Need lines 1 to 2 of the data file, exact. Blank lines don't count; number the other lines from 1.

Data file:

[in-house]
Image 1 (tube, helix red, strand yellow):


[in-house]
Image 1 (tube, helix red, strand yellow):